Actually, the ship’s crew don’t give you much of a choice on the Purel. Every time you go into one of the restaurants, even the swanky main dining room, you’ll find at least one crew member waiting at the door for you with an upended bottle of Purel poised to give you a shot. You might try to sneak by without reaching for any, but if they can see your hands, those crew members are going to try their darndest to squirt some Purel into them. On top of that, there are Purel dispensers everywhere. I would say it’s a fair bet that just one cruise ship goes through a metric butt-ton of Purel every day.

Having said that, the odds are about even that you’re going to catch a bug that will get up your sinuses or down your throat and fill you up with phlegm and mucous, if in fact those are two different things. Even if they’re not, a double dose is not unlikely. Everywhere I went, I heard people coughing up crud or telling somebody how they just got over a case of the coughing crud. It seems to be part of the cruise experience.

I may have caught a watered-down version of the crud. My nose got a little stuffed up and I had some phlegm and/or mucous caught in my throat for a day or two. My Darling B, however, caught the giant industrial sized version of the crud that manifested itself on the last day of our cruise. A sore throat kept her up most of the night and we went to see the doctor in the morning, who charged us a hundred eighty bucks for the tests to see if she had strep throat (she didn’t, thank dog) and three packets of Theraflu. It helped, but the moment she laid down in bed that night, her pretty little head filled up with fluids and she tossed and turned until we had to get up the next morning. She’s still getting over it.

So, to recap: fill a bag with cold medicine, buy so much Purel that the company sends you a Christmas card every year, and every time you pass a faucet, wash your hands. Then maybe, just maybe you won’t get what everyone else will get. But I wouldn’t bet the house on it.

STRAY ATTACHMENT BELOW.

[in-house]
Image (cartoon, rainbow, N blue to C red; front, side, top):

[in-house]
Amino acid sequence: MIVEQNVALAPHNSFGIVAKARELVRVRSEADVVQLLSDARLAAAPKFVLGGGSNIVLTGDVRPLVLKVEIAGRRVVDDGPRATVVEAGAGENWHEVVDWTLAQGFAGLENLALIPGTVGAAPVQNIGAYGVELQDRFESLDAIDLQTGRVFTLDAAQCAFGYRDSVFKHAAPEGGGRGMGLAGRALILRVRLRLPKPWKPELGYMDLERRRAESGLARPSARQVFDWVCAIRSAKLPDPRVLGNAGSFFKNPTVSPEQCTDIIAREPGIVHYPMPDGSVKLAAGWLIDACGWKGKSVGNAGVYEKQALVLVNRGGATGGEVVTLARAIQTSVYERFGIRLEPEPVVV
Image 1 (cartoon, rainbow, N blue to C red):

sniffles | 10:45 am CDT
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Hi, we’re back from our cruise to the Bahamas and we had a great time, thank you very much for asking. This was the first cruise either of us had gone on, so we had no idea what to expect, other than we were going to be on a great big ship that was going to take us to some islands in the general vicinity of Florida. We knew they were called the Bahamas but, embarrassingly, neither of us could say just where the Bahamas were or how many islands were in the Bahamas. Turns out there are 700. 700! And we didn’t know they existed until we went on this cruise. This is not the first time that travel has revealed to us how stupid we are about the world.

The ship we took was Royal Caribbean’s Freedom of the Seas. If you’ve never been on a cruise ship before, or been around ocean-going ships at all, your mind isn’t ready to take in just how big they are or how much stuff is crammed into them. It’s as if the designers combined The Mall of America with a five-star hotel. The inside of the ship is hollowed out, leaving room for shops and restaurants and taverns and a wide pedestrian walkway, just like a mall. At one end of the mall there’s a theater showing movies, theater reviews and concerts, and at the other end there’s quite a grand dining room where liveried service staff bring you all the food you ask for. Oh, there’s a dance club in the middle, too. Because they had some extra room, I guess.

The outside of the ship is the hotel. Hundreds and hundreds of hotel rooms, maybe thousands, I don’t know. More than I’d care to count. We had a room that was really very small and ordinary, because we didn’t plan to spend much time in it (turned out this was the one of those rare times that our plans matched up with reality; we were in our room to shower, change clothes, and sleep, and we didn’t do much sleeping), and yet it was still a very nice room. It even had a window, which I learned was not the case in every room. Our window faced the water and was at the front of the ship, so we could see the waves crashing off the bows as the ship plunged through choppy waters, or see the islands as we approached. Other rooms had windows that faced the inside of the ship, overlooking the mall. All things considered, I’m glad we got one looking out at the sea.